This virtual event will feature performances by International Bluegrass Music Association vocalist of the year award winner Dudley Connell, fiddler Tatiana Hargreaves and clawhammer banjo player Allison de Groot. Following their performances, the musicians will participate in a panel discussion moderated by Laurie Lewis and Gerrard with record producer Peter Siegel. This event is the first in the Southern Folklife Collection’s two-part Folk Legacy Series celebrating great legacies in American vernacular music: bluegrass pioneers Hazel Dickens and Alice Gerrard and legendary blues musician John Lee Hooker. The virtual events are free and open to the public. The series is sponsored through generous support from the Martin Guitar Charitable Foundation. The second event, Boom Boom! The Music of John Lee Hooker, will take place November 4, 2021.

Sign up for the event here: http://go.unc.edu/HazelandAlice

AG 453: Alice and Hazel, recorded on 24 September 1973, in concert at Washington Square Church in N.Y.C. 

Hazel Dickens and Alice Gerrard, often described as “pioneering women of bluegrass,” are two of the most iconic and visible women in the bluegrass music community. Their first album released in 1965 is considered the first women duet-led bluegrass recording and as a duo they recorded three more albums and toured extensively throughout the 1960s and 1970s. They performed at festivals such as the Newport Folk Festival, Smithsonian Folk Festival and Bill Monroe’s Bean Blossom Festival and regularly participated in the Southern Folk Cultural Revival Project where they toured with artists such as Elizabeth Cotten, Dock Boggs, Ola Belle Reed, Johnny Shines, and many others. In 2017 they were the first women to be inducted into the International Bluegrass Music Association Hall of Fame. But even with musicians as visible as Hazel and Alice, there are so many details that go unnoticed. 

Hazel Dickens, second from right, at the Brandywine Mountain Music Convention, Summer 1974. Photo by Alice Gerrard. Alice Gerrard Collection (#20006)

The standard Hazel and Alice narrative focuses on their powerful harmony singing and repertoire choice. What isn’t recognized as much is their instrumental performances, attention to detail in song arrangements and overall artistry. On their professional recordings, you hear a selected and curated outcome of both traditional and original material, mostly in the context of a full band. Their last album has some more stripped down duo arrangements, but listening to this live performance of Hazel and Alice from 1973 shows another side of the duo. This concert recording of just the two of them demonstrates the versatility of their musicianship. Throughout the performance, you can hear Gerrard playing lead guitar, lead banjo, and lead autoharp in addition to both Alice and Hazel being featured as solo vocalists. 

Hearing their stage banter and tuning on stage also gives a more intimate perspective on the duo. Sometimes you can hear Dickens say “too fast” at the beginning of a song as they adjust their speed during the performance. Other times you can hear the two of them moving around, deciding where to stand and how close to the mic to get. Other times, you can even hear them reminding each other how a tune starts or what the next verse of a song is. Dickens does most of the talking as she shares stories about her family, touring anecdotes and the backgrounds of the songs. Meanwhile, Gerrard tunes the various instruments that she plays and adds in commentary, only introducing a few of the songs such as her banjo feature “Fortune.”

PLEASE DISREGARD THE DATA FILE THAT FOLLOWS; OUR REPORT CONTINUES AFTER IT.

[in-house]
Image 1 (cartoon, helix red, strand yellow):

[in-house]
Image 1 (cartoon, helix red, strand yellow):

Hazel Dickens and Alice Gerrard, 1975. From the Mike Seeger collection (#20009)

While Gerrard tunes the banjo in between the songs “Train on the Island” and “Steals of the White Man,” Dickens talks about changing their song choices when they started doing the Southern Folk Festival (https://finding-aids.lib.unc.edu/20004/). She adds, “I don’t want to say ‘repertoire’, that’s too uptown” and laughs. The tours couldn’t afford to pay for the full band, so they rearranged their material as a duo and added new repertoire (I know, too uptown). You can hear some of the practicing recordings of Hazel and Alice working on these arrangements on the 2018 release ‘Hazel Dickens & Alice Gerrard – Sing Me Back Home: The DC Tapes, 1965-1969’s. 

Some of the stage banter is humorous, such as Dickens’ story about her father who used to play banjo. She talks about how he would play square dances, barn raisings, apple butter makings, and many other events but stopped once he “got religion.” When Dickens and her brother encouraged their father to play the banjo again by getting him a new instrument, she says, “he got up in the middle of the night one night and destroyed it.” 

Dickens and Gerrard also include anecdotes about their song choices. For example, before singing “Steals of a White Man,” Dickens talks about the influence of the Southern Folk Festival tours (https://finding-aids.lib.unc.edu/20004/) on her conception of class. She jokes, “I never even knew that I belonged to the working class [before these tours]. I didn’t even know I had a class.” Although she’d been singing working class songs her whole life, she just didn’t know that they were called that. Later, when Dickens announces “Mining Camp Blues,” she talks about Trixie Smith being the only Black woman singer she knew of who wrote a song about mining. On the second tape, Gerrard introduces her song “Hey, Mr. Nixon” by saying “I wrote it after I saw the Indo-China peace campaign with Jane Fonda.” She also adds that she has only  performed it once before and needs a lyric sheet, which you then hear her try to pin up on the mic stand. 

One of my favorite moments from the performance is when Gerrard plays the tune “Fortune” on banjo. She announces the tune with, “This is my favorite fiddle tune”, to which Dickens replies, “that doesn’t look much like a fiddle to me, Alice.” Alice admits, “I wish I could play it on the fiddle, but I can’t play it on the fiddle so I decided to try and learn it on the banjo.” Gerrard is in fact a fiddle player, and you can hear some of her playing throughout her collection. (Check out this footage of Alice playing fiddle with Bertie Dickens playing banjo https://dc.lib.unc.edu/cdm/singleitem/collection/sfc/id/56594/rec/1